English scholar, physician, and scientist
Francis Glisson was born in Rampisham, England, and attended Cambridge University, with which he had a long relationship. During his life he acted as a dean, senior fellow, and professor at the university. He also had a private medical practice.
The Royal College of Physicians of London admitted Glisson as a candidate in 1634, the same year he received his medical degree from Cambridge. Within the Royal College he played the roles of fellow, councilor, and president. He also belonged to the "Invisible College," a small group of professionals who met weekly in 1645 to promote investigation into natural and experimental philosophy. Later it became the Royal Society. Around that same time, a group of fellows of the Royal College began to exchange notes on rickets , intending to publish a book on the topic. Glisson was assigned to investigate the basic nature of rickets. His investigation skills proved to be strong, and he impressed his coworkers so much that they gave him the responsibility of drafting the entire book, with the assistance of seven contributors.
Tractatus de rachitid, sive morbo puerili (A Treatise of the Rickets), was published in 1650. It is not clear if any of the anatomical and clinical descriptions of rickets were solely Glisson's work. He claimed responsibility for sole authorship for chapters three through fourteen, where he wrote clearly about the nature of the disease. In March of 1660, Glisson became an early member of the Royal Society. In his second book, Anatomia hepatis (Anatomy of the Liver), Glisson identified and described the outer capsule of connective tissue that surrounds the liver and its blood supply (now called Glisson's Capsule). In his third book, Tractatus de ventriculo et intestini ( A Treatise of the Stomach and Intestines ), Glisson coined the term irritability , referring to the body's ability to sense an irritant and try to rid itself of it.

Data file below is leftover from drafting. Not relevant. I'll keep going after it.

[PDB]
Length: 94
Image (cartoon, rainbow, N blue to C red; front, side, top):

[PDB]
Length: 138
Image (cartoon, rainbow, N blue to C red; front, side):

Though primarily known for his pioneering work on rickets, Francis Glisson contributed to the body of knowledge in general anatomy and physiology of the digestive organs. In the opening paragraph of A Treatise of the Rickets, he wrote that infantile rickets was "an entirely new disease, that was never described by any of the ancient or modern writers." He was able to show that infantile scurvy was a separate disease from rickets, although the two usually occur together.
Vanderbilt University Medical Center. "Rickets and Vitamin D." Available from <http://www.mc.vanderbilt.edu>